As the 2020 global lockdown became a universal strategy to control the COVID-19 pandemic, social distancing triggered a massive reliance on online and cyberspace alternatives and switched the world to the digital economy. Despite their effectiveness for remote work and online interactions, cyberspace alternatives ignited several Cybersecurity challenges. Malicious hackers capitalized on global anxiety and launched cyberattacks against unsuspecting victims. Internet fraudsters exploited human and system vulnerabilities and impacted data integrity, privacy, and digital behaviour.
Cybersecurity in the COVID-19 Pandemic demystifies Cybersecurity concepts using real-world cybercrime incidents from the pandemic to illustrate how threat actors perpetrated computer fraud against valuable information assets particularly healthcare, financial, commercial, travel, academic, and social networking data. The book simplifies the socio-technical aspects of Cybersecurity and draws valuable lessons from the impacts COVID-19 cyberattacks exerted on computer networks, online portals, and databases. The book also predicts the fusion of Cybersecurity into Artificial Intelligence and Big Data Analytics, the two emerging domains that will potentially dominate and redefine post-pandemic Cybersecurity research and innovations between 2021 and 2025.
The book’s primary audience is individual and corporate cyberspace consumers across all professions intending to update their Cybersecurity knowledge for detecting, preventing, responding to, and recovering from computer crimes. Cybersecurity in the COVID-19 Pandemic is ideal for information officers, data managers, business and risk administrators, technology scholars, Cybersecurity experts and researchers, and information technology practitioners. Readers will draw lessons for protecting their digital assets from email phishing fraud, social engineering scams, malware campaigns, and website hijacks.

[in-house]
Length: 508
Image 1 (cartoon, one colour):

Table of Contents
1. COVID-19 Pandemic, the Game Changer
3. Cybersecurity Roles in a Pandemic
4. Cyberspace at Risk
5. Challenges of Managing Cybersecurity at Covid-19
6. Cyberattack Mitigations During the Pandemic
7. Cybersecurity in Post Covid-19 Digital Era
8. Conclusion and Recommendations
Kenneth Okereafor is Deputy General Manager responsible for Database Security at the National Health Insurance Scheme (NHIS), Nigeria. He is a United Nations trained Cybersecurity and Biometric expert with 24 years’ ICT experience spanning industry, government, and academia. He has specialized skills in Threat Mitigation Technologies for preventing, detecting, and responding to Cyberattacks. He is a member of the International Organization for Standardization’s Technical Committee on Health Informatics (ISO-TC-215), and he chairs ISO’s Security and Privacy Working Group-4 in Nigeria developing Cybersecurity standards for digital health. Kenneth was a key member in developing Nigeria’s eHealth Strategic Framework (2015-2020) in collaboration with the WHO and UN Foundation. Prior to joining NHIS in 2013, he had extensive data security work experience in telecoms, diplomatic relations, and public sector including the US Department of State where he supported the Biometric security rollout for personnel at the US Embassy in Nigeria. In addition to advanced Cybersecurity training by ITU, UNESCO, SANS Institute, EC Council, and ISACA, Kenneth holds a PhD in Cybersecurity from Azteca University Mexico, where his research in Biometric Security resulted in the Multi-Modal Random Trait Biometric Liveness Detection System (MMRTBLDS), a framework that improves biometric authentication by diminishing imposter predictability. He graduated cum laude and obtained an MSc in Network Security and BSc in Computer Information Systems from American Heritage University of Southern California, and has a first class background in Electronic and Telecommunications Engineering. His research interests centre on Global Cybersecurity, Incident Response, Cyberattack Prevention and Mitigation, Biometric Security, Threat Intelligence, eHealth Security, Telemedicine, and Digital Identities.